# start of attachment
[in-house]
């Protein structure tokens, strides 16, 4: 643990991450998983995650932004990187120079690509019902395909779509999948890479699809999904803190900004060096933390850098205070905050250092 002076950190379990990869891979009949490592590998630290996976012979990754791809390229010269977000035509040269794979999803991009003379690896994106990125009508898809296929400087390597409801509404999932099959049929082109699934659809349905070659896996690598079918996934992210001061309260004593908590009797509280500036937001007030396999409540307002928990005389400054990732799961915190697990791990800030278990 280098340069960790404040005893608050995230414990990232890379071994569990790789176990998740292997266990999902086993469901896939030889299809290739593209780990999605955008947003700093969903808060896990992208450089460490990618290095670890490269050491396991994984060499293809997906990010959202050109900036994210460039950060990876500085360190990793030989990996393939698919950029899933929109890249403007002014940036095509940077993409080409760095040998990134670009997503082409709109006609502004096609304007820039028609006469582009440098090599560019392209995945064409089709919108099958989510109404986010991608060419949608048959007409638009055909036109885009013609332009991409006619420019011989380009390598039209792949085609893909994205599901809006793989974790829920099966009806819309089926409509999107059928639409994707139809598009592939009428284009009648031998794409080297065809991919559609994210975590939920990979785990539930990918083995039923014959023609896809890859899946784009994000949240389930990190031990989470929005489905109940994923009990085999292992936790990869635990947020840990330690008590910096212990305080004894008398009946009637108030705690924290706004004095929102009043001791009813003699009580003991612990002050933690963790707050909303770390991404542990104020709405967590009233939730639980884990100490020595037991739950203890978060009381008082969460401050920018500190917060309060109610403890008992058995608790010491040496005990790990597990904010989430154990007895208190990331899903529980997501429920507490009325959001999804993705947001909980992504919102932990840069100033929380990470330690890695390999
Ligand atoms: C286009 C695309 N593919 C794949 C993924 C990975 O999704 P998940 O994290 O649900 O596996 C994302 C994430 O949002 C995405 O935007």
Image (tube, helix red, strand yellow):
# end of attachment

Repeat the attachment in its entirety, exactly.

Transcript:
[in-house]
């Protein structure tokens, strides 16, 4: 643990991450998983995650932004990187120079690509019902395909779509999948890479699809999904803190900004060096933390850098205070905050250092 002076950190379990990869891979009949490592590998630290996976012979990754791809390229010269977000035509040269794979999803991009003379690896994106990125009508898809296929400087390597409801509404999932099959049929082109699934659809349905070659896996690598079918996934992210001061309260004593908590009797509280500036937001007030396999409540307002928990005389400054990732799961915190697990791990800030278990 280098340069960790404040005893608050995230414990990232890379071994569990790789176990998740292997266990999902086993469901896939030889299809290739593209780990999605955008947003700093969903808060896990992208450089460490990618290095670890490269050491396991994984060499293809997906990010959202050109900036994210460039950060990876500085360190990793030989990996393939698919950029899933929109890249403007002014940036095509940077993409080409760095040998990134670009997503082409709109006609502004096609304007820039028609006469582009440098090599560019392209995945064409089709919108099958989510109404986010991608060419949608048959007409638009055909036109885009013609332009991409006619420019011989380009390598039209792949085609893909994205599901809006793989974790829920099966009806819309089926409509999107059928639409994707139809598009592939009428284009009648031998794409080297065809991919559609994210975590939920990979785990539930990918083995039923014959023609896809890859899946784009994000949240389930990190031990989470929005489905109940994923009990085999292992936790990869635990947020840990330690008590910096212990305080004894008398009946009637108030705690924290706004004095929102009043001791009813003699009580003991612990002050933690963790707050909303770390991404542990104020709405967590009233939730639980884990100490020595037991739950203890978060009381008082969460401050920018500190917060309060109610403890008992058995608790010491040496005990790990597990904010989430154990007895208190990331899903529980997501429920507490009325959001999804993705947001909980992504919102932990840069100033929380990470330690890695390999
Ligand atoms: C286009 C695309 N593919 C794949 C993924 C990975 O999704 P998940 O994290 O649900 O596996 C994302 C994430 O949002 C995405 O935007």
Image (tube, helix red, strand yellow):